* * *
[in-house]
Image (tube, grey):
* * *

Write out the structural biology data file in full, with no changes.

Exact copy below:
[in-house]
Image (tube, grey):